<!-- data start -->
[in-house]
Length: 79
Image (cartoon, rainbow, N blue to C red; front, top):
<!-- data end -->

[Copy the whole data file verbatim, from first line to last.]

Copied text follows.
[in-house]
Length: 79
Image (cartoon, rainbow, N blue to C red; front, top):